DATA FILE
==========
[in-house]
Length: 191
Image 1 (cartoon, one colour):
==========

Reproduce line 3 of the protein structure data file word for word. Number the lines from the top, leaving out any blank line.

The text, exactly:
Image 1 (cartoon, one colour):